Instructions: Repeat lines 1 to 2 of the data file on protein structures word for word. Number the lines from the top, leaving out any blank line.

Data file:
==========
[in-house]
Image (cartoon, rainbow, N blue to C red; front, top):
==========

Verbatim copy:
[in-house]
Image (cartoon, rainbow, N blue to C red; front, top):